Beer company to lose ‘20% of workforce’ thanks to Deposit Return Scheme

The Deposit Return Scheme was introduced on February 1st.
Robert Kindregan
Robert Kindregan

16.47 27 Feb 2024

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Beer company to lose ‘20% of w...

Beer company to lose ‘20% of workforce’ thanks to Deposit Return Scheme

Robert Kindregan
Robert Kindregan

16.47 27 Feb 2024

Share this article

A craft beer company has estimated it will lose 20% of its workforce to comply with the new Deposit Return Scheme.

Premier International Beers owner Dean McGuiness said the cost of adding Re-turn labels to their products is €70,000 a year – the equivalent of two staff members' wages.

The Deposit Return Scheme was launched earlier this month to encourage the recycling of plastic bottles and aluminium cans.


It introduced a deposit of 15c on containers ranging from 150ml to 500mls, while a deposit of 25c was added to containers over 500ml – which can be claimed back through reverse vending machines or over the counter.

Rocky start

On Moncrieff today, Mr McGuinness said the scheme has got off to a rocky start due to the Government’s insistence that all containers must have the Re-Turn logo.

Mr McGuinness said this is forcing his company to ask brewers to change their can design to comply with the scheme.

“We import 40 different products and are approaching brewers asking them to spend thousands of euros to change the design of their product and print up between 250,000 to 1,000,000 cans at a time for the Irish market,” he said.

“We are buying a relatively small amount of speciality beers and they look at us and ask ‘are you mad, this is absolutely crazy?’”

Big breweries

Mr McGuinness said the scheme favours big breweries.

“The design is printed onto the can so in order to change the design you need to have an entirely new print run of cans," he said.

“A minimum print run of cans used to be 250,000 – now it is typically between 500,000 and 1,000,000.

“Speciality beers would obviously be a small fraction of that so you’d have to ask someone to change something and then to sell 90 or 95% in another market.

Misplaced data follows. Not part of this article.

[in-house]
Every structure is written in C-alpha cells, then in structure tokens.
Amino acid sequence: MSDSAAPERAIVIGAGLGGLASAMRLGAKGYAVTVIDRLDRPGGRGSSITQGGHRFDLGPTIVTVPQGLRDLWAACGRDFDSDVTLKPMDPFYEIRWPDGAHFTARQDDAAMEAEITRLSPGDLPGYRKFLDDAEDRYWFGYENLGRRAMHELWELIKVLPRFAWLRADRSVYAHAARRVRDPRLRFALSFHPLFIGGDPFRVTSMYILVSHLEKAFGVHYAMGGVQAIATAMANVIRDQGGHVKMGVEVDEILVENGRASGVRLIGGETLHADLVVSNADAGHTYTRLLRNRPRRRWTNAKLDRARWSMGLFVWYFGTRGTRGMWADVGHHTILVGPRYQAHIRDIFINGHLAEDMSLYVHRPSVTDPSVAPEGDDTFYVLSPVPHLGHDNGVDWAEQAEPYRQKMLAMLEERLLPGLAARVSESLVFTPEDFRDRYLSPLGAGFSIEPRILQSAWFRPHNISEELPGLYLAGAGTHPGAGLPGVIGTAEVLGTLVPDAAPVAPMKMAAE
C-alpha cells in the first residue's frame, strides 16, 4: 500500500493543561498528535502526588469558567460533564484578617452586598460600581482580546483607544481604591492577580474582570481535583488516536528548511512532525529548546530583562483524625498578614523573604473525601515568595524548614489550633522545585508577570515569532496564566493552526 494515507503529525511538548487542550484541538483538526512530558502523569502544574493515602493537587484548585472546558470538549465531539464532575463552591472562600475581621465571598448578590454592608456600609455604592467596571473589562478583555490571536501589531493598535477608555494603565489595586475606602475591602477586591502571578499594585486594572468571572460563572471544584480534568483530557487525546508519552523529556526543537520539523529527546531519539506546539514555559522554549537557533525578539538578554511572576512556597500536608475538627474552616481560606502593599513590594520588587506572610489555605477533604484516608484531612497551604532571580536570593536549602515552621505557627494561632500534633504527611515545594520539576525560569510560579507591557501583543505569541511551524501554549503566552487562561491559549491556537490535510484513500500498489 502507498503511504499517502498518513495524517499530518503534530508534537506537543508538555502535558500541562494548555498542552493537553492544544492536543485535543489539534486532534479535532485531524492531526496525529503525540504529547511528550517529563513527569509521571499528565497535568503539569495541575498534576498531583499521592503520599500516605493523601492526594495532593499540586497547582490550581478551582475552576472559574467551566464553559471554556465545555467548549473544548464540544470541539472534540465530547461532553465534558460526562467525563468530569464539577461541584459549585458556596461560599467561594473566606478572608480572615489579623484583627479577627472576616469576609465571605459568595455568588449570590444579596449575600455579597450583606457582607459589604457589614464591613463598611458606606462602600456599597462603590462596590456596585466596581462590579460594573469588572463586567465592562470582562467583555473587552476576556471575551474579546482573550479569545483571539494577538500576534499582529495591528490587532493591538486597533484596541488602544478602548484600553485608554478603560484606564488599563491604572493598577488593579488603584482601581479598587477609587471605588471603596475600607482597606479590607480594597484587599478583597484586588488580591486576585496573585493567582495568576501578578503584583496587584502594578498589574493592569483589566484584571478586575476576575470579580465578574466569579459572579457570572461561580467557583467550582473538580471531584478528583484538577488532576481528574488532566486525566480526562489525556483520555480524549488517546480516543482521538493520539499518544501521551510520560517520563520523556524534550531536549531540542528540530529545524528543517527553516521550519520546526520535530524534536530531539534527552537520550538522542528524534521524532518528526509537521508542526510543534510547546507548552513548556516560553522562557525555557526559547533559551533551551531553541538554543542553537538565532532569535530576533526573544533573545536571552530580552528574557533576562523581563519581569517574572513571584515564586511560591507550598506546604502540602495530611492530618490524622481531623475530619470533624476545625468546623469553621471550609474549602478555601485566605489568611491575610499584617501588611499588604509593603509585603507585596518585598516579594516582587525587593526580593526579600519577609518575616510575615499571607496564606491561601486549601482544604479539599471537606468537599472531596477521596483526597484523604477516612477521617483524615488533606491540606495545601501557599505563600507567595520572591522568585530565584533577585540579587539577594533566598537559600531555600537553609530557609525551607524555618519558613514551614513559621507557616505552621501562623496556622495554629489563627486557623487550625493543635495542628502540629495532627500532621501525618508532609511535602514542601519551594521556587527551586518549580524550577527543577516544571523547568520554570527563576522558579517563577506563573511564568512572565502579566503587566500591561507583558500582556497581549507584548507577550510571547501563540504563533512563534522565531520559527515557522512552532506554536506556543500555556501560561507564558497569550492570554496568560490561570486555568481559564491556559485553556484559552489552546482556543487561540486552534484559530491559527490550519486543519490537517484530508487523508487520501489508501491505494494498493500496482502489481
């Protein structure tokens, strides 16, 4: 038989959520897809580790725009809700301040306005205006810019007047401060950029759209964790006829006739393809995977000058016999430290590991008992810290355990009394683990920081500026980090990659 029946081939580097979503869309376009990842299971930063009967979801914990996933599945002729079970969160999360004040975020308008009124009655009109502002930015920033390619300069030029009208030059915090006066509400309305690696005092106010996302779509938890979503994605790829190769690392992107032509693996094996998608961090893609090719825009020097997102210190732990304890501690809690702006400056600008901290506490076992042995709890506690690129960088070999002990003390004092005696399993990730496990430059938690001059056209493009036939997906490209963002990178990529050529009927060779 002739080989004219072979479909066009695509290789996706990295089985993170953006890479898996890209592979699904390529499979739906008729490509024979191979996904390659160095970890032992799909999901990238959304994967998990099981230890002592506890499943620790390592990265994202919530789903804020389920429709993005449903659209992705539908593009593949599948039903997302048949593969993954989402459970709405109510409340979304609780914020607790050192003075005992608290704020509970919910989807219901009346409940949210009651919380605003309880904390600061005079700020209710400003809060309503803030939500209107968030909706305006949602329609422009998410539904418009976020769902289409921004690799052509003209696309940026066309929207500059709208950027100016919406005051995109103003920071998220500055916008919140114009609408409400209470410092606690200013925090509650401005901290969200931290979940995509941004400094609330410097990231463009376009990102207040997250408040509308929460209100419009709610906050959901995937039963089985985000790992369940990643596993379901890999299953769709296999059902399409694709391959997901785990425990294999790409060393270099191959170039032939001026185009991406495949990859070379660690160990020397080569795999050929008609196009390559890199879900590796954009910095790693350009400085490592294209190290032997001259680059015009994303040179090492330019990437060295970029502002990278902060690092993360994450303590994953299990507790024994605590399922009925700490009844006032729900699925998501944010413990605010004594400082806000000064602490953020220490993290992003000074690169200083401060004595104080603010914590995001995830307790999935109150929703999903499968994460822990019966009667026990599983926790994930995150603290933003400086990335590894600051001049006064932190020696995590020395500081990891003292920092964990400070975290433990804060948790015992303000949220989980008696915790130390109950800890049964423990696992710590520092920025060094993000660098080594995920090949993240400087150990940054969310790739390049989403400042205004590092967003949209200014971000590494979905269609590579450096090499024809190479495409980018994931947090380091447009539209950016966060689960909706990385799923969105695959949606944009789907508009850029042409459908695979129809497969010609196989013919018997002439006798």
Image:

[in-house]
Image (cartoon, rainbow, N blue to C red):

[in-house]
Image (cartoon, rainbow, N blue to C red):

“If you’re Guinness or Heineken and selling millions of cans – you can spend a few thousand euros to change the design as that cost is spread over millions of cans.”

Stickers solution

Mr McGuiness said the solution proposed is a sticker that can attach to the can – but this is problematic in itself.

“It means the scheme designed to help the environment, damages the environment,” he said.

“If you want to put a sticker on every can you need to tear off the plastic, put a sticker on every can, and put new plastic on.

“That means you have twice as much plastic used thanks to this requirement to put a sticker on the can which isn’t required.”

Fleeing market

The Deposit Return Scheme has already led to products leaving the Irish market, according to Mr McGuinness.

“We have been told by a brewery that makes the number four and five products in our business that it is no longer viable to make those products," he said.

“If they wanted to continue bringing them in, we would have to hand-sticker 360,000 cans a year on just one product.

“The amount of money this will cost us, and we are a very small company, is two jobs – that is basically about 20% of our workforce.”

Mr McGuiness said similar schemes rolled out in Malta and Estonia have also created problems for small brewers.

You can listen:

Main image: A Deposit Return Scheme machine ready for use at a Supervalue supermarket in Dublin, 1-1-23. Image: Jack Quann/Newstalk

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Alcohol Beer Brewery Dean McGuiness Deposit Return Scheme Guiness Heineken Moncrieff Premier International Beers Re-turn

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